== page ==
They Call It The Halo Effect


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I launched my first book in 2015 with the intention of using it to get publicity for my coaching business.

I’d seen the halo effect in action some years earlier when I chose to work with a naturopath whose office was a good 90 minute drive from where I lived. I’ve been asked more than once why on earth I signed up for 12 months worth of fortnightly visits with a naturopath who was so hard to get to. My answer goes right to the crux of how the halo effect works. The simple truth is that I signed up with this naturopath because, and only because she had published a book on ageing well which was my main concern at the time.

I might just add that to this day I’ve never even seen this book, let alone read it. It was the fact that I knew it existed that influenced me to go out of my way to sign up with this particular naturopath over others. The book essentially built a bridge between us. She became my go-to person because I saw her as an expert, and what’s more I trusted her because she was a published author. Qualities like trustworthiness and the like may or may not stack up under scrutiny, but the halo effect works at an unconscious level and hijacks any tendency to apply the kind of scrutiny we might otherwise call on to weigh things up when we’re forming opinions and/or making decisions.

The point is that my experience back in 2009 embedded the idea of writing a book to attract people into my coaching business in the way that my naturopath was attracting people into hers. So early in 2010 I purchased an online program that was meant to make writing a book easy. In the end it wasn’t nearly as easy as the marketing for the program made it sound like it was going to be, and therein began a journey that led me to develop a book writing wing in my business.

When I look back over what went on for me in 2010 from the perspective of someone who finally published a book after five years and some $30,000 investment in a number of courses and one on one coaching, I can see that among other things it was an extended lesson in mindset training. What it also did in the end was drive home the importance of getting clear on what the barriers to achieving something are before investing in solutions that may or may get you to where you want to be.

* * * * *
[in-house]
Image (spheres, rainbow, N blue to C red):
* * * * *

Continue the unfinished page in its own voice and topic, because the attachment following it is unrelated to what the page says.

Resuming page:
I share this background information with you because it brings into stark relief the classic question of return on investment that businesses need to keep top of mind if they’re going to survive. I made my investment work in a number of ways, including leveraging the fact that I was a published author to get publicity for my business.

All of the publicity and many of the other opportunities that came my way during the last half of 2015 and the first half of 2016 came to me via a powerful free online resource called SourceBottle. SourceBottle’s main aim is to connect journalists and bloggers with ‘sources’ like me. By far and away the biggest opportunity I fielded came about when I answered a call-out for someone to talk about their experience of menopause. I answered that call-out by saying – “I recently wrote a book on menopause, and I would love to talk to you about it for your article”. Imagine how I felt a couple of weeks later when I opened my inbox to find an email saying – “Apologies for the short notice Jane, but would you be available for a photo shoot and an interview on Thursday morning?” This was signed by Clare Weaver on behalf of the Australian Women’s Weekly, and was like a dream come true for me. There’s simply no better vehicle than the Australian Women’s Weekly for me to get exposure to the demographic I serve via the wellness wing of my coaching business.

What eventuated from that correspondence was a solid chunk of coverage in the April 2016 issue of the magazine. You can see a copy of the page I was profiled in above. The article was based around the experiences of two authors who had published books on menopause. My inclusion in it did nothing short of creating a halo effect over the halo effect of being a published author, because not only was I benefiting from being in the article per se, but the fact that I was given equal footing with someone like Jean Kitson who has been building her profile as a comedian and speaker for decades was a major coup. This is the kind of expert positioning money just can’t buy, and it gave me all of the proof I would ever need to believe in the effectiveness of writing a book to increase credibility and authority, and to open up opportunities to get publicity.

So I’d urge you to do two things if you want to boost your chances of tapping into the vein of free publicity that’s available through SourceBottle.

  1. Write a book to position yourself as the go-to person in your field.
  2. Sign up as a source with SourceBottle via

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